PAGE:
We also found that cannabis policing often appeared to be accidental. Rarely did officers proactively seek out cannabis possession offenses. Instead, cannabis or evidence of cannabis use was most frequently found in the course of unrelated policing activity: for example, where officers stopped a car that had raised suspicions for other reasons, and a cloud of cannabis smoke had been released when the car window was wound down.
However, there was almost universal agreement among officers that, whatever the nature of the offence, formal action should always be taken. It was not seen as acceptable for officers to deal with the situation informally by simply dropping the drug down a drain. This is in marked contrast to previous UK research which found that police officers frequently simply confiscated small amounts of cannabis and destroyed them in front of the user.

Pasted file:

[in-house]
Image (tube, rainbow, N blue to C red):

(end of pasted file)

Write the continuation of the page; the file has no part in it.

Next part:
Smells like Weed
The issue of smell was significant. In approximately half of all cases where an explanation for a search was given, smell was cited as the reason. In some situations, the proportion was considerably higher, as the diagram below shows.
The reasons officers give for searching people, in different contexts. Authors provided.
Guidance from the College of Policing states that the smell of cannabis on its own will not normally justify a search — but yet a third of our interviewed officers thought that it did.